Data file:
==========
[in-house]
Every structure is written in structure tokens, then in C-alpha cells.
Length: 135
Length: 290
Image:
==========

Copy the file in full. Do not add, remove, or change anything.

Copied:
[in-house]
Every structure is written in structure tokens, then in C-alpha cells.
Length: 135
Length: 290
Image: